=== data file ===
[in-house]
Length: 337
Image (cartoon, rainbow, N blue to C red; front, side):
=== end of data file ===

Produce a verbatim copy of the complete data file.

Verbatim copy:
[in-house]
Length: 337
Image (cartoon, rainbow, N blue to C red; front, side):